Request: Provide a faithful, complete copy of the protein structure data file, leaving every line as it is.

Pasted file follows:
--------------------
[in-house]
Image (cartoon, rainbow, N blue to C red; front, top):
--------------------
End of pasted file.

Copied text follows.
[in-house]
Image (cartoon, rainbow, N blue to C red; front, top):